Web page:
One of them is called Alqueva, the largest artificial lake in Europe, with about 1400 km of shoreline. Me and my pals selected six different lakes in the area and fish them by turns depending on water levels and seasons. The most spectacular thing about the region is that each lake is unique in its characteristics, resulting in the carp showing different sizes and behavior patterns thus ensuring a complete fishing experience to anglers regardless of their level of knowledge.
The one perfect cast
The briefing always begins the same way: „Forget everything you know about carp, or all the experiences you had about fishing carp because what you see here is something completely different…“. And that’s the truth. Compared to any style of fishing, it´s the bonefish hunt and permit fishing. That‘s the reason why in Portugal fun is 100% guaranteed!
Regardless of the anglers knowledge we begin our adventures with an easy teaser: Lakes with large quantities of carps, where you can try out different techniques, find out what works best to use it on the wiser and larger carps in the next lake. It‘s normal to catch up to 30 carps a day in these “easier” lakes. I‘ve heard about a couple of crazed fishermen who made it to 50.
We scout, walking along the banks, looking for feeding carps. Sometimes parts of their body stick out of the water, sometimes they‘re just a shadow beneath the surface. The guides help you find them and scope out their positions. Carps are very sensitive fish, they are alert and they will immediately leave if notice you. A careful approach is crucial, especially vibrations scare them away. If we get close enough, the next important step is the cast. The right timing, spot and way of presenting the fly. Put in front of the fish and it will swim away, too far on the side and it will ignore it. You have to be quick too. The carps don‘t stand still for very long.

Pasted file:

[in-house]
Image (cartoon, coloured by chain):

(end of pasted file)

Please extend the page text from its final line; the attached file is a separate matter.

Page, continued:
Small specimen are usually easier to convince. But the wild ones, the experienced old crooks, they are the real challenge. They are big and old for a reason. We often spot them, feeding away at a distance and the moment we make a move they disappear, sometimes they even reappear right next to us, just to take a closer look, to wink at us, catch me if you can. But sometimes, if you‘re lucky and skillful, if you cast a perfect cast, and present the fly in the right way and the fish is hungry and approaches and he sniffs that fly, and swallows, and your heart nearly bursts. Well, then the fight is on and that‘s some fight. We live for these moments, truly. That‘s the Portuguese Fly Fishing experience.
Due to the climate and the strength of these fish, the equipment needed is very similar to the equipment used in tropical fishing. Fast action #6, #7 and #8 fly rods. Quality reels with a decent drag system because here in Portugal the reels are actually used! Nylon 9 feet 1X and 0X leaders and fluorocarbon 0X and 1X tippet. In the Alentejo region the sun can be very painful, so it is necessary to pay some attention when it comes to choosing the right clothes to wear. It’s mandatory to use quick dry long sleeve shirts, trousers, a decent cap, gloves, face protection like Buff and of course a pair of polarized sunglasses.
Again – the flies we use around here are similar to the ones used in tropical fishing. A lot of the contemporary models are tied inverted, with the hook up, just like the famous Crazy Charlies. It prevents the fly from getting stuck all the time. Personally I prefer flies with discreet and natural colors like brown, olive or black, sporting soft feathers like Marabou or furs, rabbit for instance. I also do not use shiny materials, mostly because it scares the carps away. Most of the models I use sport thin elastics on the tail or the sides, it adds balance and makes for an appealing look.
Weight is another important part. It determines the sink speed, which is crucial. The carp seem to be pretty interested when they see the fly dropping at the right speed in front of them. If the fly just appears on the bottom the fish will not see the fly, but they still can find it – if the luck is on the angler‘s side …